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Monday, July 12, 2010

engaging young writers, written by Matt Glover. Heinemann, 2009. $25.99 preschool and grade one teachers

"The topic of this book is an important one. Throughout its pages, Matt helps teachers think very specifically about finding ways to help young children gravitate toward writing, exploring a variety of what he calls entry points for children into writing. As he explains these different entry points, it's clear that Matt is interested in helping children find motivation for writing, but he is equally interested in practices that help children believe they are capable as writers." (Katie Wood Ray, in the Foreword)

I still find it interesting to read books by teachers who are writing about what is happening in their own classrooms. The books are so personal, and often very practical. In this book, Matt Glover shares stories from his classroom. He knows that children come to school wanting to write, but apprehensive about their abilities. In an attempt to get all young writers engaged in the process he presents a range of entry points for them.

He wants his students to pick up their pencils and share their remarkable ideas and thinking. By providing different starting places, he helps other teachers in the early years to teach to the child's needs and abilities. He sets out a number of ways to encourage them through conversations and units of study, through reading aloud and by offering dramatic play opportunities, by exploring and sharing their own personal experiences, and by using nonfiction writing to give them a chance to share their deepest concerns and interests.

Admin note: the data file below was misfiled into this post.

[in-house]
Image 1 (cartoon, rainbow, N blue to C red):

Real classroom experiences and student samples help his readers see that these methods work, and his easy writing style provides a plan for teachers who want their students to discover the writer that is hiding inside, just waiting to break out!

I love his final thought:

"In our journey with young writers, I hope that students come to believe that their teachers care about fostering energy and passion for writing as much as how well children write. Fortunately, thoughtful teachers who think carefully about how they invite children to enter into writing will ensure their students' first steps as writers, and the ones that follow, will lead to children who have images of themselves as powerful authors."

Isn't that we want for all children?

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